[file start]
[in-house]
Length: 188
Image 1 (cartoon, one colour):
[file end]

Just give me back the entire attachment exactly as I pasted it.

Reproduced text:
[in-house]
Length: 188
Image 1 (cartoon, one colour):